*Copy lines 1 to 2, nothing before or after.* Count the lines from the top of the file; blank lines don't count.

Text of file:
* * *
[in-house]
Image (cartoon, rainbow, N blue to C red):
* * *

[in-house]
Image (cartoon, rainbow, N blue to C red):